For the first time in what I can remember, Norway has a player the opponent really fears, one who can decide a football match on his own. Erling Braut Haaland (20) is the man who makes the European Championship hopes better than in 20 years.
The superlatives are almost used up already. His development and the type he is, means that there are many indications that the “hype” is not excessive either. There is something about the gaze, with his calm in important moments, respect, but not fear – regardless of the opponent.
And his closing qualities, how accurate he is when the chances come, I remember it only with Ole Gunnar Solskjær of Norwegian strikers. John Carew also created fear in the opponents. But it was more for the violent physique than for the goal.
Haaland is feared for both reasons: Physically strong enough, fast enough – and then there is the ruthlessness (towards the opponents) in the closing moments.
With Erling Braut Haaland on the team, it is natural to believe more in a Norwegian play-off again, for the first time since the European Championships in 2000.
Who finishes in European top football today, there are not many who are better than Erling Braut Haaland. Maybe just Robert Lewandowski at Bayern Munich. It’s raw, it’s great – and it does not stop. Erling Braut Haaland spends all his energy on developing, listening, learning. He spends little time in the media, on everything that goes on around football.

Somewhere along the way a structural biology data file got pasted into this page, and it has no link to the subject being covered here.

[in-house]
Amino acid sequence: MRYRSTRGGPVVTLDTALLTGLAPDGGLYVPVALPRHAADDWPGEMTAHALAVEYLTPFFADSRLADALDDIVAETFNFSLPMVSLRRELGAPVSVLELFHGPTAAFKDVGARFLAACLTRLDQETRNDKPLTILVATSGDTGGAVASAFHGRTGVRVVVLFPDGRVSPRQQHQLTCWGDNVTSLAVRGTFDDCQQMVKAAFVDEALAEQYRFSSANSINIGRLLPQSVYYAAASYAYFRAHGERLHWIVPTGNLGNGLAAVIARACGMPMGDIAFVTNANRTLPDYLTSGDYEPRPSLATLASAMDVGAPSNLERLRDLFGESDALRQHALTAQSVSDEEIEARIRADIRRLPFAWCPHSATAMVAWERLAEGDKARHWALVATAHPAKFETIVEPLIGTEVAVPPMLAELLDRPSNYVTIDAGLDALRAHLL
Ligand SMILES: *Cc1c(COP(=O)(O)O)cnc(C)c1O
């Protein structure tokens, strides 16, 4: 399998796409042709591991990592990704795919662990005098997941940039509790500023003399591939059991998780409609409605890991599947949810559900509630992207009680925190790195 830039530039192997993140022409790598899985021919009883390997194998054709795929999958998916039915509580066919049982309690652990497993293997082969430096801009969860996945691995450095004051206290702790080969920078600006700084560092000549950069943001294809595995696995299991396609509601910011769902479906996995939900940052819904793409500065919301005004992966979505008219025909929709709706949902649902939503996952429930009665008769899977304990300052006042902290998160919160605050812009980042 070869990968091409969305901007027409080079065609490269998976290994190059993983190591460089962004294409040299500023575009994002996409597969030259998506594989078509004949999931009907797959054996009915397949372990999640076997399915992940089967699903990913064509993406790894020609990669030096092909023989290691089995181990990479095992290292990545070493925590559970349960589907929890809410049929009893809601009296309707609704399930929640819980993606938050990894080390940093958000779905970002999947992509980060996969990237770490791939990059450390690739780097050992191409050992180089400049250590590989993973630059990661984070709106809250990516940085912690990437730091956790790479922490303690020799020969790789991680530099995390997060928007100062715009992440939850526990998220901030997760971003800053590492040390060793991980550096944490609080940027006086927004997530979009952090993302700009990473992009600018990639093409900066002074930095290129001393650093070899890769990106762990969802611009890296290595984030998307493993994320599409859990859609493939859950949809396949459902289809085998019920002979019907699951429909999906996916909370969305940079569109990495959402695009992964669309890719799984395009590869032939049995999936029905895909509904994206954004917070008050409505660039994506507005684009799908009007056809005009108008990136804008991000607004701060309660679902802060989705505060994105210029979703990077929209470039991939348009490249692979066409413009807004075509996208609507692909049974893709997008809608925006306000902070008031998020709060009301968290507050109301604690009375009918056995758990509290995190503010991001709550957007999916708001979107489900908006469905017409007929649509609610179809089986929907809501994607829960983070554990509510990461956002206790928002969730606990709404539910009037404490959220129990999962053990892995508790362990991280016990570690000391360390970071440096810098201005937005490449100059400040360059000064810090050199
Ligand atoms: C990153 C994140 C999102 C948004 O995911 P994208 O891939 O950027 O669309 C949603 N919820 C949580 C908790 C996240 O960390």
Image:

And right here he has the advantage of having a father who has been involved in this himself, who knew what it took to reach the top, who can give the right advice, who can say the right things.
This is exactly where I think the distinction is between children who have a former top player to father, versus one who has only seen what is going on, who has read for information: Those who are sons of former top players have an advantage, because it is easier to listen to someone who, in practice, has proven what it takes to be someone who has the script to succeed – in theory.
Do “sons of Norway” get to it easier than other boys and girls, because they simply have a good football name? Maybe. In the beginning, it is probably an advantage. You are more easily seen, talked about and discovered. You have some advantages – in the beginning.
At the same time, I also think it, in the beginning, depends on which club you represent. An example: At a circuit team outing for boys born in 2002, where my son was with, Stabæk stopper Nicolas Pignatel Jenssen was also with. Then he represented Health.
Pignatel Jenssen did not move on from the 2002 collection. Two years later, as a Stabæk player, he was seen as one of Europe’s greatest midfielder talents.
Was he not seen because Helset is not a big club?